Use case:

Workload Distribution

Here’s how we replaced a $1500/mo project manager with a few high school math equations (that were also 30% more accurate than the human)…

Our clients with larger teams (of writers, editors, salespeople etc) often have a project manager on staff to decide who should get the next project.

Whether this process is documented or not, it’s often done as a factor of each team member’s…

  • Current workload and overall output over the last several weeks (“Macro” availability)
  • Experience level (the most complex tasks go to the most experienced team members, but if there is a basic task it generally goes to someone new to get them trained quickly)
  • Planned holiday/sick
  • “Micro” availability (did they JUST get a project?)
  • Topic/project type specialties (ie: anyone COULD do this project, but Dave just finished a very similar one…)

And so on…

We first encountered this problem with a content agency, and after working together for several years, they confided in us that this project distribution process was a pain point.

Challenges with Workload Distribution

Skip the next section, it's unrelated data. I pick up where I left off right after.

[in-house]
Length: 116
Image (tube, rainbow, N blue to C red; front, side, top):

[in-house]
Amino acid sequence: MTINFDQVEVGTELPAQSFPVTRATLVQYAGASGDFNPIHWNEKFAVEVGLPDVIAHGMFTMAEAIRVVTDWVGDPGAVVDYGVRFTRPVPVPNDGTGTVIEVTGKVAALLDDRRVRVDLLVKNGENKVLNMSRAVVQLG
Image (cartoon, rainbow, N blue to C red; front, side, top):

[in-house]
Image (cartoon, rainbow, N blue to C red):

We had helped this agency automate lead flow, onboarding, and team communications (to update project status), and this had all helped the agency scale to a team of 30-50 writers. But, now the “simple” task of deciding who would get the next project was starting to become a challenge at their new scale:

  • Writers were paid by the project, so would often complain to the project management team if they weren’t getting as much work as they wanted
  • Project managers would assign a project to a writer, only to have them turn it down due to availability (which meant further delaying the start of the project)
  • And, the team was growing quickly, and sometimes new writers were left wondering when they’d get their first project to learn the ropes